Aussie housing collapse spreads as Brisbane joins the Sydney and Melbourne crash
There has been an interesting development in the month of August vis-a-vis the burgeoning Aussie house price collapse. We have carefully demonstrated how the shake-out was initially led by Australia's two largest cities, Sydney and Melbourne, where in just a few months prices have plunged by 6.2% and almost 4.0%, respectively. One of my favourite charts quantifies the rolling quarterly change in dwelling values on an annualised basis, which is enclosed immediately below.
The big news is that Australia's third largest city, Brisbane (including the Gold Coast), has now joined the party after trying to defy gravity for a couple of months. The blue line in the chart below shows Brisbane's quarterly price changes, which highlights how rapidly this market is deteriorating and converging with the losses experienced by the two largest conurbations.
In the first 15 days of August, Brisbane prices have already fallen 0.6% (ie, tracking towards a circa 1.2% loss for the entire month). In fact, Brisbane's losses are now outpacing those evidenced in Melbourne where prices have declined by 0.5% in the first half of August. Observe how Melbourne's quarterly losses (black line) appear to have stabilised at a still very chunky 13% annualised clip. In Sydney (red line), the news is much more grim: prices are already off another 1% in the first 15 days of the month---ie, heading for another near-record, 2% monthly loss---while the quarterly rate of price depreciation is sitting at about 19% per annum.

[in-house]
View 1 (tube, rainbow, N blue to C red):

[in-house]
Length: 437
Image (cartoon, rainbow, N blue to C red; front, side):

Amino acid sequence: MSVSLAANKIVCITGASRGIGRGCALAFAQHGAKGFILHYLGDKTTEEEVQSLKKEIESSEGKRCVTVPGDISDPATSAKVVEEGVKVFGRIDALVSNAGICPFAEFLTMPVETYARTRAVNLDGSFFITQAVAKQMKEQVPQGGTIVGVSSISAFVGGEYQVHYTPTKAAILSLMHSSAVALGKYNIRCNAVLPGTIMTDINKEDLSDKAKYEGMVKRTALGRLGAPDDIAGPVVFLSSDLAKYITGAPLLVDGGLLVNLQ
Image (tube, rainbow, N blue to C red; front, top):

With the three largest cities rolling-over hard and fast, the wider 5 capital city Aussie house price index (grey line) is likewise tanking, losing 0.6% in the first half of August. It is currently depreciating at an 11% annualised rate, which should increase further as Brisbane falls into line with the experience down the rest of the East Coast (including Canberra).
The two main hold-outs are Adelaide and Perth, where house prices appear to be flat-lining right now, which is what typically occurs before they begin to correct. One rather worrying consideration here is that the while the RBA has hiked its cash rate by 1.85 percentage points in just three months (or over four meetings), borrowers have yet to feel the full force of these changes. There are a range of operational delays and legal notification requirements that mean that many borrowers have only been hit by one or two mortgage rate increases. Over time, they will of course be subject to all of the RBA's rate hikes as banks implement these changes. This is sobering to contemplate given just how quickly housing demand has collapsed since the RBA began raising rates in May...
I am personally long housing, so it is not much fun delivering this news: but our job is to tell you what we think will happen, not bury our heads in the sand.
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Chris co-founded Coolabah in 2011, which today runs $7 billion with a team of 33 executives focussed on generating credit alpha from mispricings across fixed-income markets. In 2019, Chris was selected as one of FE fundinfo’s Top 10 “Alpha...